When oxidation occurs, the thin layer of surface oxide generates an interference colour. The colour can indicate whether the shielding was adequate or an unacceptable degree of contamination has occurred. A silver or straw colour shows satisfactory gas shielding was achieved but for certain service conditions, dark blue may be acceptable. Light blue, grey and white show a higher, usually unacceptable, level of oxygen contamination.

For small components, an efficient gas shield can be achieved by welding in a totally enclosed chamber, filled with the shielding gas. It is recommended that before welding, the arc is struck on a scrap piece of titanium, termed 'titanium-getter', to remove oxygen from the atmosphere; the oxygen level should be reduced to approximately 40ppm before striking the arc on the scrap titanium and <20ppm before welding the actual component.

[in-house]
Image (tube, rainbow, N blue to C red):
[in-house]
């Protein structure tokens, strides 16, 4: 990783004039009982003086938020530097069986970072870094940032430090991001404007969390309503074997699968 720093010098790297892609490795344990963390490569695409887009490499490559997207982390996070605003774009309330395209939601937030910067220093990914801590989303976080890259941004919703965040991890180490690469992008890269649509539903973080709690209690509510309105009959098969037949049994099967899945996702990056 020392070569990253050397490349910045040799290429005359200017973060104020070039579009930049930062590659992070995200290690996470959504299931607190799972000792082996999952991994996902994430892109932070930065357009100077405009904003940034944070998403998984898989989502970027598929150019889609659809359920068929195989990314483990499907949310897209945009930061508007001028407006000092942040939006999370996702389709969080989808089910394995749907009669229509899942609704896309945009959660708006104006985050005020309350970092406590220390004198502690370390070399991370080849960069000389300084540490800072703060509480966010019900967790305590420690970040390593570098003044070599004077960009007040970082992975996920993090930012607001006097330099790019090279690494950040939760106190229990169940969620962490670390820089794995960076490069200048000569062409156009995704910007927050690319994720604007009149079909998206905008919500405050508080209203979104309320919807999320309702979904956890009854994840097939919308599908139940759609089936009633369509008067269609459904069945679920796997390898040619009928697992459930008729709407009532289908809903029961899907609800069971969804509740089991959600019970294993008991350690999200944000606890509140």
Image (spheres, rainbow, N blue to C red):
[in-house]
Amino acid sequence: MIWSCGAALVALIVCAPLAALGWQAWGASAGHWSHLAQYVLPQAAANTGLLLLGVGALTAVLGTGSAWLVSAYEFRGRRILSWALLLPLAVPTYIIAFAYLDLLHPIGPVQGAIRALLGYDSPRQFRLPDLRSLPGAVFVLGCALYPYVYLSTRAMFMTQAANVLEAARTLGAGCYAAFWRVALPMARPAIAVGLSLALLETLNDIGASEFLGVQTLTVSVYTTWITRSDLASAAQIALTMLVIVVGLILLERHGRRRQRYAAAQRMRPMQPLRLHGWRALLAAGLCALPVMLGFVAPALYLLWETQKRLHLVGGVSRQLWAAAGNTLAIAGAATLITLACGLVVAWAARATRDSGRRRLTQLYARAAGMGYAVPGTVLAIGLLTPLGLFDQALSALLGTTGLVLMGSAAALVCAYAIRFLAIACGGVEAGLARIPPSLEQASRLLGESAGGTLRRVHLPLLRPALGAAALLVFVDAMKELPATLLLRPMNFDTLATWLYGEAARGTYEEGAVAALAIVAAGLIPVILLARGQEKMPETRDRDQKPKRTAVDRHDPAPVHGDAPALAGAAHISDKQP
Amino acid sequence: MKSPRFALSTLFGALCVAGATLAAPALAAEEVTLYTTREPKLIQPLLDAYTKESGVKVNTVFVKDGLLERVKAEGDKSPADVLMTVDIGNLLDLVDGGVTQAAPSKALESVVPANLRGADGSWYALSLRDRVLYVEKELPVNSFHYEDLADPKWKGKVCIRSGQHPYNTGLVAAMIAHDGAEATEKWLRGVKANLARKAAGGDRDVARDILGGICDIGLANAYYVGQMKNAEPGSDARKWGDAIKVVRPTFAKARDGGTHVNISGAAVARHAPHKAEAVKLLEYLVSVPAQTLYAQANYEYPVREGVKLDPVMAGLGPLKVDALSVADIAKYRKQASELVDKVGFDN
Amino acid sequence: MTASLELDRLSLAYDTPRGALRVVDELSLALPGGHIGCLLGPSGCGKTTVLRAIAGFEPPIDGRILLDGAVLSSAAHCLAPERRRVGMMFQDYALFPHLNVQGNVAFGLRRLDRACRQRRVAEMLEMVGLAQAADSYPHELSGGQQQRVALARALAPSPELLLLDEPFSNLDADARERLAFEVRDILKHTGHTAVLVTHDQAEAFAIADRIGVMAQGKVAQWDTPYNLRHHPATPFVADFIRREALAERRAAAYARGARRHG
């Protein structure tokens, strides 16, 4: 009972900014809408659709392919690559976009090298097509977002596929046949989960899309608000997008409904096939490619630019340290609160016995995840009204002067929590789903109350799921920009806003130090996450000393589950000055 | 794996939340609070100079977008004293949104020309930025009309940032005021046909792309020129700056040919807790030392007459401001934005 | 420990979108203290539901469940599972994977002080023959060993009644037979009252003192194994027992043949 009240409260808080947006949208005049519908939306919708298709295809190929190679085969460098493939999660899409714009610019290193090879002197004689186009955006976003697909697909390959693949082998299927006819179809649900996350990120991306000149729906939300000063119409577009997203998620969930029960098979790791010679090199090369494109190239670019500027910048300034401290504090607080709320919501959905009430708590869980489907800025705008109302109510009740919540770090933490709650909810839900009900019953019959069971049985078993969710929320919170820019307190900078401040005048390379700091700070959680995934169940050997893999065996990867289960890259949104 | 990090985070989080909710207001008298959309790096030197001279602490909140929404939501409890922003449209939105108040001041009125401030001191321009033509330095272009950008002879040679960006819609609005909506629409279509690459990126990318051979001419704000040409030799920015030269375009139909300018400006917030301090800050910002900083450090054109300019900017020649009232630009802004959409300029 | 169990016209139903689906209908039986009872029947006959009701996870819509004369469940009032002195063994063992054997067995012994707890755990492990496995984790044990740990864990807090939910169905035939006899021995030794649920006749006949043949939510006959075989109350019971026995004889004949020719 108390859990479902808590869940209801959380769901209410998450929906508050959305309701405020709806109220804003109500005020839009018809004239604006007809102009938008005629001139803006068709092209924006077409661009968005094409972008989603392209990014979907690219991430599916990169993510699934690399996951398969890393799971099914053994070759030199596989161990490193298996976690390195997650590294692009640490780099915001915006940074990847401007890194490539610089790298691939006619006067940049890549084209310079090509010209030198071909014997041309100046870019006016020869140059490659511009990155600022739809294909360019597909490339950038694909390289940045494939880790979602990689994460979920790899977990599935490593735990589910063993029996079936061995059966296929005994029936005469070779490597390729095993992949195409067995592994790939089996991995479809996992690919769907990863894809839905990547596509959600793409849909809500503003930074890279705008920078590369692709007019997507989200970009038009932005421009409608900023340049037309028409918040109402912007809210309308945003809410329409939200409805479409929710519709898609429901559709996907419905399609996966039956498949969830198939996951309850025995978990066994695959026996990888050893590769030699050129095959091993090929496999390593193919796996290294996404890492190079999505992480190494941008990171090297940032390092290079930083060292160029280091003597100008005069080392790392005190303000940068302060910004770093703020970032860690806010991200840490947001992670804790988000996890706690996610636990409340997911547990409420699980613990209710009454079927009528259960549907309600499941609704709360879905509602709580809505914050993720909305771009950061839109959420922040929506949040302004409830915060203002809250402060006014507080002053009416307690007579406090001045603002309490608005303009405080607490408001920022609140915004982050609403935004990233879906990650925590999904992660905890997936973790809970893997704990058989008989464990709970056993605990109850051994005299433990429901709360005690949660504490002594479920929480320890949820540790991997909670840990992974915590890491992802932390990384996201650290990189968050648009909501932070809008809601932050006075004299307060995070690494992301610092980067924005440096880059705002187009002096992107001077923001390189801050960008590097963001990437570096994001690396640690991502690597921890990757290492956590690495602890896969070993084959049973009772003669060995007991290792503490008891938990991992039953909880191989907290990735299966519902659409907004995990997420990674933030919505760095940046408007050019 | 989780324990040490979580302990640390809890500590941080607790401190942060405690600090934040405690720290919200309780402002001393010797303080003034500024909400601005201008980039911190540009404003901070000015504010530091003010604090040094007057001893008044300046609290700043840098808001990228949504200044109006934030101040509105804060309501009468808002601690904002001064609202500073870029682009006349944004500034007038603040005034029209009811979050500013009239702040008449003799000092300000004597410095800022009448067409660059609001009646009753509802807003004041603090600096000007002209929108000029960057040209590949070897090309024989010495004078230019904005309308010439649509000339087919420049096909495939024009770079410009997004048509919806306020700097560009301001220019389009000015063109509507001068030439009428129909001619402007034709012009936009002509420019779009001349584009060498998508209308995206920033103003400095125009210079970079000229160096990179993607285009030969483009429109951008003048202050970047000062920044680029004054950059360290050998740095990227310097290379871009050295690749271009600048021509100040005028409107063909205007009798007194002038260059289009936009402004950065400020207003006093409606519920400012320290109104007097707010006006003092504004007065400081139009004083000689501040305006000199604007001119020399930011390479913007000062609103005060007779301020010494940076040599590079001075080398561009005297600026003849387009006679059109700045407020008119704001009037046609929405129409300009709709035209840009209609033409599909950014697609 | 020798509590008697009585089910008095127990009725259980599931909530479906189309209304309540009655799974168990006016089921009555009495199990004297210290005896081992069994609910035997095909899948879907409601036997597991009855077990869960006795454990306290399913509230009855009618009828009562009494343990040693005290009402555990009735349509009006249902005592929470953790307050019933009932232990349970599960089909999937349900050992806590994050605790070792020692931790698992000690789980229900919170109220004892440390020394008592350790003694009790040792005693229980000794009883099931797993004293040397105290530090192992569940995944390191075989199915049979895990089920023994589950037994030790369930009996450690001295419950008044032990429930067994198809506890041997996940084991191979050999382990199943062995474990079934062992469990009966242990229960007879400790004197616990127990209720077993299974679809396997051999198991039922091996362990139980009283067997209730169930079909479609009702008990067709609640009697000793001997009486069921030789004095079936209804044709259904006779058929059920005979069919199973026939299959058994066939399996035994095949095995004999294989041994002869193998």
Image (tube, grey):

In tube welding, a fully enclosed head is equally effective in shielding the weld area and is be preferable to orbital welding equipment in which the gas nozzle must be rotated around the tube.

When welding out in the open, the torch is fitted with a trailing shield to protect the hot weld bead whilst cooling. The size and shape of the shield is determined by the joint profile whilst its length will be influenced by welding current and travel speed. It is essential in 'open air' welding that the underside of the joint is protected from oxidation. For straight runs, a grooved bar is used with argon gas blown on to the joint. In tube and pipe welding, normal gas purging techniques are appropriate.